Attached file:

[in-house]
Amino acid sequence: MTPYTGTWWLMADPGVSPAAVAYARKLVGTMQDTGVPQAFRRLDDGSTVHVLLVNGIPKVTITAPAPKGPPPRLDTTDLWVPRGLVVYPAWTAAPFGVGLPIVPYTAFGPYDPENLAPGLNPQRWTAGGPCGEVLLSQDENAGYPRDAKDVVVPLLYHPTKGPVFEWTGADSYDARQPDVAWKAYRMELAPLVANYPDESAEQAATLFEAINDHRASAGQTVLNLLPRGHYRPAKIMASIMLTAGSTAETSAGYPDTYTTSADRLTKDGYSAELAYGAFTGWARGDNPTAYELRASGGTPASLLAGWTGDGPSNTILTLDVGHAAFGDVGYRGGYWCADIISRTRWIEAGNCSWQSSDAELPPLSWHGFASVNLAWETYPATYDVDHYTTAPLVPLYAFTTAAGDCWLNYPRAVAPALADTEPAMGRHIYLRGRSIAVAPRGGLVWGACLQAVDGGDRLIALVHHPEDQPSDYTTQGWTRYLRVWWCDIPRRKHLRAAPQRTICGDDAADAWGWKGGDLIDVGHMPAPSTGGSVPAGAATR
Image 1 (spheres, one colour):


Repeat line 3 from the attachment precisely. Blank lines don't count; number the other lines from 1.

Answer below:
Image 1 (spheres, one colour):